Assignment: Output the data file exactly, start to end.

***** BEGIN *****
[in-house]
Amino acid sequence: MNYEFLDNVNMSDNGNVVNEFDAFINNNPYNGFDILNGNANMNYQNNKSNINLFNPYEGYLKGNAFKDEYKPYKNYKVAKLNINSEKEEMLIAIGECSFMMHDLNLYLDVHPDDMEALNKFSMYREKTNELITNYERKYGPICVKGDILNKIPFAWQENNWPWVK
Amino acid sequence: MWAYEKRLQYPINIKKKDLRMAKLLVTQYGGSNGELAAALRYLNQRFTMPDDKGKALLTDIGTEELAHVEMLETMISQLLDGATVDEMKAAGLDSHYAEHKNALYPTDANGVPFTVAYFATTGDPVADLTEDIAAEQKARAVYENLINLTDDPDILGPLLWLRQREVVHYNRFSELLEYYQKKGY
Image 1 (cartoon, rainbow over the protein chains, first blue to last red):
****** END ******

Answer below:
[in-house]
Amino acid sequence: MNYEFLDNVNMSDNGNVVNEFDAFINNNPYNGFDILNGNANMNYQNNKSNINLFNPYEGYLKGNAFKDEYKPYKNYKVAKLNINSEKEEMLIAIGECSFMMHDLNLYLDVHPDDMEALNKFSMYREKTNELITNYERKYGPICVKGDILNKIPFAWQENNWPWVK
Amino acid sequence: MWAYEKRLQYPINIKKKDLRMAKLLVTQYGGSNGELAAALRYLNQRFTMPDDKGKALLTDIGTEELAHVEMLETMISQLLDGATVDEMKAAGLDSHYAEHKNALYPTDANGVPFTVAYFATTGDPVADLTEDIAAEQKARAVYENLINLTDDPDILGPLLWLRQREVVHYNRFSELLEYYQKKGY
Image 1 (cartoon, rainbow over the protein chains, first blue to last red):